Leavitt’s Maddie Morin, second from left, and Addie Twitchell (9) celebrate after Morin scored late in the third quarter against Cape Elizabeth in the Class B South regional championship at Freeport High School on Wednesday. Dustin Williamson photo

Leavitt freshman Maddie Morin started out as a swing player, became a starter and eventually the team’s leading scorer in one season — and she was voted by the team’s captains to answer inquiries from the press — at least for a day.

The No. 5 Hornets (15-3), who ravaged teams in the Class B South field hockey playoffs, including wins over No. 1 York in the semifinals and then No. 2 Cape Elizabeth in the regional final, face Old Town (14-3) in the Class B state championship at noon Saturday at Cony High School in Augusta. The last time Leavitt won a state title was in 2012.

The Hornets’ five captains — Eve Martineau, Page DeMascio, Megan Nason, Keriah Marston and Daisy Twitchell — were reluctant to become the subject of a Sun Journal feature story and handed off the assignment to Morin — an articulate freshman who plays the sport year-round for a club team called Coastal Field Hockey, which holds practices in Portland.

“The first thing (the captains) said is, ‘I don’t want to do it,’” Leavitt coach Wanda Ward-MacLean said. “I think if (talking to the press) wasn’t just before the state game, it would be different. They are a little superstitious so they were like, ‘It can’t be me; it can’t be me.’

“I asked Maddie before I agreed for her to do it. I said, ‘You don’t have to do this. If don’t want to, we will choose somebody else. She was like, ‘What do I have to do?’ I said, ‘He is going to call you and ask you some questions so you just answer the questions.’”

But Morin, who scored one of Leavitt’s two goals in the B South final win over Cape Elizabeth, had enough nerve to go through with the task for the sake of the team.

“The captains are so great,” Morin, who leads the team with 14 goals, said. “They have kept our team positive and thinking ahead. They called me over. The coaches were smiling and I am like, “I think I am good. (The captains) were like, ‘We want you to do this.’ I have never been a person to like (be) on the spot and stuff like that.”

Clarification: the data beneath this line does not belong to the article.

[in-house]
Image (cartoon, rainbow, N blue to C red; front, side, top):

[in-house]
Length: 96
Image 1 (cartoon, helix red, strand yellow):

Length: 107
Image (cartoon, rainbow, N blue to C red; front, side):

Morin marvels at her season and the Hornets’ prosperity.

“Of course, I didn’t really expect any of this,” she said. “I knew I was joining a team … I have a lot faith in our season, and at the beginning I didn’t think I was going to play all that much just because I am a freshman and, like, that doesn’t usually happen.

“I think in preseason our whole team started working on how we can all work together and just play as a team.”

“We had a COVID issue and that gave her chance to be in a starting role — and she just haven’t given it up since,” Ward-MacLean said of Morin. 

The longtime Leavitt coach said Morin has a strong presence around an opponent’s net.

“She keeps her stick low,” Ward-MacLean said. “She has got some good speed and stick work — especially for a freshman. She will play anywhere … and the kids like her because sometimes as a freshman coming in, you get little bit of ‘you are only a freshman’ type of thing, but that hasn’t been that way with her.

“She works extremely hard. We add her … and a couple of other kids like Addie Twitchell, Emma Beady … and we add them in with our core of seniors and juniors, and they have given us this spark that we haven’t had in the past.”

Morin started to see more action because she started “proving how I can play and how I can improve our team, I guess.” Morin said that she looks at being a member of the Hornets as a privilege and she enjoys the camaraderie as well as support and kindness from all the players.

“They have all really stepped up,” Ward-MacLean said, “and giving those seniors a chance to take breaks and do other things and try other positions, too. It has been a really special season after last year. Last year with the COVID and we played eight games. Even though you want to win all those games, the kids knew there wasn’t anything beyond those games.”

As far as playing in a state championship, Morin has often heard the seniors speaking about reaching that goal.

“I am sure you’ve heard from the seniors (that) that this is their dream since the seventh grade,” Morin said. “I guess I didn’t really expect (going to the state championship) because I never thought about it that much. I think we were getting more surprised and excited about ourselves.”

Morin said a good mindset and pushing herself in practice and in games are her two biggest assets, but she also believes in humility and resists the temptation of becoming arrogant.

“As a player on the field, I am trying to help fight for the seniors because I know that they want this,” she said. “The one thing I want to mention is how amazing and supportive the team has been. When you are coming off the bench and you’ve been working your hardest, the teammates come up (and say), ‘You are doing good … but keep pushing.” 

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